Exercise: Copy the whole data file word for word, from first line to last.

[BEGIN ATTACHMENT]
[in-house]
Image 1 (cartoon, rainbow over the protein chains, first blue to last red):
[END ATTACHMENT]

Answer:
[in-house]
Image 1 (cartoon, rainbow over the protein chains, first blue to last red):